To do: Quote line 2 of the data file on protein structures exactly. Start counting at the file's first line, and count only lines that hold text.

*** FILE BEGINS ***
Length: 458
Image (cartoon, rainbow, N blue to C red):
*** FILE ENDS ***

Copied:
Image (cartoon, rainbow, N blue to C red):